Shepherd’s Pie is the perfect comfort food for the weather we had this week. Our first significant snow of the winter fell just before St. Patrick’s Day, arriving like a late and unwanted guest who shows up at the party just as you have started clearing up.
The hearty combination of meat, vegetables and creamy mashed potatoes will warm you up from the inside out on a damp, blustery day. The original version, as the name suggests, was made with lamb. In the United States it’s usually made with ground beef, a version my mother calls “cottage pie.” A favorite of Irish pub menus and families, it pleases even the pickiest eater. I recently made double this recipe for the family of a friend whose husband is undergoing treatment for cancer because it’s one of his favorite dishes. She told me her husband and teenage son ate the entire pie in one night.
- 1 lb. ground beef or lamb
- 1 tbsp. vegetable oil
- 1 medium onion, diced
- 2 carrots diced
- 1 cup frozen peas (optional)
- 1 tsp. tomato paste
- 1 cup beef broth
- 1 bay leaf
- salt and pepper
- 3 russet potatoes
- 1 tbsp. butter
- 1/2 cup whole milk or cream
- Heat oil in large saucepan. Add ground meat and cook until browned.
- Remove browned meat to a plate. Pour off excess oil from saucepan.
- Add diced onion and carrot. Cook until onion is translucent and carrots are soft.
- Return meat to the pan. Add tomato paste, bay leaf, broth and peas if using. Season with salt and pepper.
- Cook about 20 minutes until meat mixture absorbs the broth. Pour the cooked meat into an oven safe dish.
- In the meantime, preheat oven to 350 degrees Fahrenheit.
- Peel and cut potatoes into quarters.
- Place potatoes in medium saucepan. Cover with cold, salted water.
- Bring water to a boil, then turn down to a simmer.
- Cook until potatoes are soft. Drain off water.
- Cover potatoes with a clean, cotton dishcloth. Cover saucepan and put back on a very low heat for five minutes to dry out the potatoes before mashing.
- Heat milk or cream and butter.
- Add to potatoes and mash.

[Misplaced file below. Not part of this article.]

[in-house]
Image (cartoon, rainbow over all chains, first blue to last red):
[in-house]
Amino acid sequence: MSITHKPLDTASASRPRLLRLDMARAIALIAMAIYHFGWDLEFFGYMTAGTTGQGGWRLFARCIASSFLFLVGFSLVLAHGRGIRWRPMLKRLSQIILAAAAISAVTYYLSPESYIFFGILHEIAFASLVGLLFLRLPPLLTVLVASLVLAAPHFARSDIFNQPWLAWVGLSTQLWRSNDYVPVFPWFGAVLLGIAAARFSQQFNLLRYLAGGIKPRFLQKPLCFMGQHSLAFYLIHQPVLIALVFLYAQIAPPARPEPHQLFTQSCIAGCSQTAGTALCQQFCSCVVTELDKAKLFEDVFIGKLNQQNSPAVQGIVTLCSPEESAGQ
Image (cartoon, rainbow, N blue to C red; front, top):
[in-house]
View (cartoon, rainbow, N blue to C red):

- Top the meat mixture with the mashed potatoes. Use the tines of a fork to make a design in the potato topping.
- Bake for 30 to 40 minutes until the mashed potato is golden brown and the meat mixture is bubbling.
This is the perfect warming bowl after you get home cold and hungry from the St. Patrick’s Day parade. The genius thing is it only takes about 20 minutes to make and is filling enough for dinner.
I recently saw Irish chef Kevin Dundon of Dunbrody House in Wexford on TV making the fish chowder they serve in the hotel. It looked so easy and delicious that I couldn’t wait to make my own version. In Chicago, we don’t have the same selection of fish that they have in Ireland, so I improvised using the wild fish my local supermarket had available. I even threw in half a can of wild Alaskan salmon that I was leftover from lunch. What makes this chowder Irish is the smoked salmon, but other than that, feel free to use any other fish and seafood available to you. I have converted everything into American measurements.
Nil geal an gaire ach san ait a mbionn an biadh — laughter is brightest were the food is best. Happy St. Patrick’s Day!
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- 2 tbsp. butter
- 1 small leek, cleaned and chopped
- 1 small onion, chopped
- 1 small carrot, diced
- 2 medium red potatoes peeled and cubed
- 2 oz. smoked salmon, cut into strips
- 1/4 cup dry white wine
- 2 cups fish or seafood stock (I used Swanson's seafood stock in a box)
- 1/4 lb. sockeye salmon, cut into bite size pieces and skin removed.
- 1/4 pound cod, cut into bite size pieces and skin removed
- 1/4 pound haddock, cut into bite size pieces and skin removed